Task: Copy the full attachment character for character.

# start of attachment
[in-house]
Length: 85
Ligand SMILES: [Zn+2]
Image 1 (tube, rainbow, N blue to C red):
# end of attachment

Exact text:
[in-house]
Length: 85
Ligand SMILES: [Zn+2]
Image 1 (tube, rainbow, N blue to C red):